Nanotechnology Now

Our NanoNews Digest Sponsors


Heifer International

Wikipedia Affiliate Button

Home > Press > Researchers gain detailed insight into failing heart cells using new nano-technique

Image of living cardiac muscle cells taken using new scanning ion conductance microscopy technology (image courtesy of Science/AAAS)
Image of living cardiac muscle cells taken using new scanning ion conductance microscopy technology (image courtesy of Science/AAAS)

Abstract:
Researchers have been able to see how heart failure affects the surface of an individual heart muscle cell in minute detail, using a new nanoscale scanning technique developed at Imperial College London. The findings may lead to better design of beta-blockers, the drugs that can slow the development of heart failure, and to improvements in current therapeutic approaches to treating heart failure and abnormal heart rhythms.

Researchers gain detailed insight into failing heart cells using new nano-technique

London | Posted on February 27th, 2010

Heart failure is a progressive and serious condition in which the heart is unable to supply adequate blood flow to meet the body's needs. Hormones such as adrenaline, which are activated by the body in an attempt to stimulate the weak heart, eventually produce further damage and deterioration. Symptoms include shortness of breath, difficulty in exercising and swollen feet.

In the new study, published today in the journal Science and funded by the Wellcome Trust and the Leducq Foundation, researchers were able to analyse individual regions on the surface of the heart muscle cell in unprecedented detail, using live nanoscale microscopy.

They used a new technique called scanning ion conductance microscopy (SICM), which gives an image of the surface of the cardiac muscle cell at more detailed levels than those possible using conventional live microscopy. This enabled the researchers to see fine structures such as minute tubes (t- tubules), which carry electrical signals deep into the core of the cell. They could also see that the muscle cell surface is badly disrupted in heart failure.

There are two types of receptors for adrenaline. The first, beta1AR, strongly stimulates the heart to contract and it can also induce cell damage in the long term. The second, beta2AR, can slightly stimulate contraction but it also has special protective properties. For today's study, the researchers combined SICM with new chemical probes which give fluorescent signals when beta1AR or beta2AR is activated.

They found that the beta2AR receptors are normally anchored in the t-tubules, but in those cells damaged by heart failure they change location and move into the same space as beta1AR receptors. The researchers believe that this altered distribution of receptors might affect the beta2AR receptors' ability to protect cells, and lead to more rapid degeneration of the failing heart.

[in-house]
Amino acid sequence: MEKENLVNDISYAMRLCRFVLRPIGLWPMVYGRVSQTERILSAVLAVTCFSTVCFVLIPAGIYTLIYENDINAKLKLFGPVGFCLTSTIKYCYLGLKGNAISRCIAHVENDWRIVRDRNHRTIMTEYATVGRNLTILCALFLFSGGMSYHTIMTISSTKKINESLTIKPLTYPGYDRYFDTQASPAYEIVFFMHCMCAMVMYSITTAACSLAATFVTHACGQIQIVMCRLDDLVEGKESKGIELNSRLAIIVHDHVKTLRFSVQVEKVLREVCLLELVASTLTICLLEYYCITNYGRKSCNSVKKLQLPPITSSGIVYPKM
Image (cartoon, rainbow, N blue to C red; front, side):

One of the most important categories of drugs for slowing the development of heart failure are the beta-blockers, which prevent adrenaline from affecting the heart cells by targeting the beta receptors. The new finding increases understanding of what happens to the two receptors in heart failure and could lead to the design of improved beta-blockers. It may eventually help resolve an existing debate about whether it is better to block the beta2AR receptors as well as the beta1AR.

Dr Julia Gorelik, corresponding author of the study from the National Heart and Lung Institute at Imperial College London, said: "Our new technique means we can get a real insight into how individual cells are disrupted by heart failure. Using our new nanoscale live-cell microscopy we can scan the surface of heart muscle cells to much greater accuracy than has been possible before and to see tiny structures that affect how the cells function.

"Through understanding what's happening on this tiny scale, we can ultimately build up a really detailed picture of what's happening to the heart during heart failure and long term, this should help us to tackle the disease. The main question for our future research will be to understand whether drugs can prevent the beta2-AR from moving in the cell and how this might help us to fight heart failure," added Dr Gorelik.

For the study, the researchers looked at single living cardiac muscle cells in a culture dish, taken from healthy or failing rat hearts. They stimulated the beta1AR and beta2AR receptors using drugs applied via nanopipette inside the t-tubules on the heart muscle cell.

####

About Imperial College London
Consistently rated amongst the world's best universities, Imperial College London is a science-based institution with a reputation for excellence in teaching and research that attracts 14,000 students and 6,000 staff of the highest international quality. Innovative research at the College explores the interface between science, medicine, engineering and business, delivering practical solutions that improve quality of life and the environment - underpinned by a dynamic enterprise culture.

Since its foundation in 1907, Imperial's contributions to society have included the discovery of penicillin, the development of holography and the foundations of fibre optics. This commitment to the application of research for the benefit of all continues today, with current focuses including interdisciplinary collaborations to improve health in the UK and globally, tackle climate change and develop clean and sustainable sources of energy. www.imperial.ac.uk

About The Wellcome Trust

We are a global charity dedicated to achieving extraordinary improvements in human and animal health. We support the brightest minds in biomedical research and the medical humanities. Our breadth of support includes public engagement, education and the application of research to improve health. We are independent of both political and commercial interests.www.wellcome.ac.uk